Obviously, there are some advantages to installing a tankless water heater: there is no huge tank to lift and mount, and there is no need to find the proper blocks or other supports to balance the heater on.
The “tankless” part of “tankless water heater “ takes care of that.
This does not mean, however, that installing a tankless water heater is a simple job. It can be done with the right tools and a bit of skill, but if you do not have the proper tools or a good touch with those tools, it is probably best to hire someone to install this type of heater.
You might think that without the tank factor, installation should be cheaper for this type of hot water heater, but the opposite is usually true.
Considerations for Installing a Tankless Water Heater
If you can use the same location where you had a previous water heater (even one with a tank), it will cut down on your workload. You will already have a vent pipe, water pipe and gas line extension in the area where the previous heater rested.
You will need new water pipes to supply your hot water heater with water. This will require soldering, so you are going to need a torch for this job. If soldering is out of your league, then call a professional to install your water heater.
If, however, your tankless water heater has a different sized vent pipe, you will need to acquire a new pipe and perhaps widen the hole where it will go.
Some tankless water heaters also need a separate pipe for fresh air intake, which means you will need to buy that pipe and create an additional hole for it.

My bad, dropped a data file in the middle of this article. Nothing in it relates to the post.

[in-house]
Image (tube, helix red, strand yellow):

In a sense, you want to work backwards. In other words, hold the tankless heater up to the wall where you want to install it. Make sure that all of the proper pipes line up correctly with your heater before you start to make holes and install the pipes permanently. You do not want to have an elaborate system of pipes already mounted, only to discover that the top of your tankless water heater does not line up with your assemblage.
As you cut thimble holes for installation, be sure to check your local codes for any requirements. You do not want to insert the thimble until the vents have been installed and you have verified the angles of those vents.
Tankless water heaters can be electric or gas, so that will influence the amount of work that you have to do. Gas water heaters will require a few extra steps as a valve is installed on the existing gas line and a new gas line is run from the valve to the heater. Of course, if you had a gas water heater previously, a gas tankless water heater would make sense; the same goes for sticking to electric if you had electric.